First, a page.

The idea of permission is possible only where there is an independent force. . . . But this is not the situation in the case of the God of the universe. Nothing in the universe can be independent of the Omnipotent Creator, for in him we live and move and have our being. Therefore, the idea of permission makes no sense when applied to God. (Religion Reason, and Revelation [P&R, 1961], 205)
Such reasoning has led many to conclude that the distinction between a permissive will and a decretive will is “desperately artificial” (Carson, Divine Sovereignty and Human Responsibility [Wipf & Stock, 2002], 214). At the very least, those who hold to a Calvinistic view of God’s sovereignty have no desire to communicate what’s actually implied by the use of permissive language (as outlined above). In fact, John Frame goes so far as to say, “we should not assume . . . that divine permission is anything less than sovereign ordination” (Doctrine of God, 178). And I agree. But if we don’t intend to communicate what is actually denoted by “permission,” yet we do intend to communicate nothing less than sovereign ordination, of what meaningful use is permissive language? Why not simply speak of God’s “ordaining” or “decreeing” or “bringing about” all things?
Biblical Examples of God’s Agency in Evil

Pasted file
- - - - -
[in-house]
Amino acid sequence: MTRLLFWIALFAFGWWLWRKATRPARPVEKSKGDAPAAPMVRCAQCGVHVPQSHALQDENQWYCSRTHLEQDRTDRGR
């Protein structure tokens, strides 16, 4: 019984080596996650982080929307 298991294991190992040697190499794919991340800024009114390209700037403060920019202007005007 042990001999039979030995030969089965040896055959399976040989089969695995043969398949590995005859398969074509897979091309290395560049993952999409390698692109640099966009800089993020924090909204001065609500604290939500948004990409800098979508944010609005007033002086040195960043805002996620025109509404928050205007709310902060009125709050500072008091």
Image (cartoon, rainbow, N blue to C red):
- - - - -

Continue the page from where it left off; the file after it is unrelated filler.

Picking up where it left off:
Well, the answer to that is because it seems to suggest that God is somehow the author of sin, and thus the chargeable cause of evil. We want to avoid speaking of God’s involvement in ordaining evil or sinful events, because we don’t want people to think that we’re saying sin is God’s fault. And of course, that is a noble desire. But I don’t think that permissive language accomplishes that end, because Scripture itself doesn’t mind speaking of God’s agency in evil in very active terms.
In fact, Scripture plainly teaches both (a) that God is unquestionably righteous and (b) that He indeed ordains sinful events and actions. And if that’s what Scripture teaches (and it is), it is not our place to sit in judgment upon and question the consistency of those declarations. Rather it falls to us to receive both as true on the authority of God’s infallible and inerrant Word. That brings me to my second reason for rejecting the concept of divine permission: Scripture.